SOME FOODS HAVE ENOUGH PERSONALITY to garner equivocal fame of any living celebrity. In her new book, Garlic, An Edible Biography: The History, Politics, and Mythology behind the World’s Most Pungent Food (Shambhala, 2014; $16.95 paperback), Robin Cherry calls the pungent allium the “Lord Byron of produce” and showcases garlic as a savory magnate of historical acclaim. Cherry traces garlic’s history as far back as 3,400 BC, detailing its ancient medicinal uses and its current (not insignificant) presence in cutting-edge scientific research. Vampires notwithstanding, politics and mythology are key players in this rich and fascinating history. The second half of the book is a recipe page-turner of dishes from around the world that give credence to a claim made in the book: “Other foods may have fans, garlic has lovers.”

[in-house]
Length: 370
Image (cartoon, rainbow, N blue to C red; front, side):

As a travel writer, Cherry is familiar with the locales featured in Garlic, including India, China, the Middle East, Russia, Europe, and Gilroy, California. She graces her stories with personal experiences, from descriptions of cooking garlic in her mother’s kitchen (her mother idolized Julia Child’s frequent use of garlic) to her tricky (but successful) ploy to keep rose-tinted heads of garlic from an Israeli kibbutz out of the hands of U.S. customs.
A frequent contributor to The Valley Table, Cherry also authored Catalog: The Illustrated History of Mail Order Shopping (Princeton Architectural Press, 2008; $35 hardcover). She is the former publisher of Organic Style books and has written for The Atlantic, Travel + Leisure, Dwell, Salon and many other publications and websites.